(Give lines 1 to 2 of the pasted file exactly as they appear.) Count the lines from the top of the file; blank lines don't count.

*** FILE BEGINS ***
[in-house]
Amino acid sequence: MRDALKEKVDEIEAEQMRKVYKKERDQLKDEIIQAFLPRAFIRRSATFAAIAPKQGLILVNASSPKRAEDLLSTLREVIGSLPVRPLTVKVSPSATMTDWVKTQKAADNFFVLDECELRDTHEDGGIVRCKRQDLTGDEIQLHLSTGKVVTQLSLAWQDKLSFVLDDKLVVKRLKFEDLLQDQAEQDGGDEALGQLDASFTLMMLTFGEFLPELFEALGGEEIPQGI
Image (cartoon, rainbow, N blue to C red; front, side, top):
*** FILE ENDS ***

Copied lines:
[in-house]
Amino acid sequence: MRDALKEKVDEIEAEQMRKVYKKERDQLKDEIIQAFLPRAFIRRSATFAAIAPKQGLILVNASSPKRAEDLLSTLREVIGSLPVRPLTVKVSPSATMTDWVKTQKAADNFFVLDECELRDTHEDGGIVRCKRQDLTGDEIQLHLSTGKVVTQLSLAWQDKLSFVLDDKLVVKRLKFEDLLQDQAEQDGGDEALGQLDASFTLMMLTFGEFLPELFEALGGEEIPQGI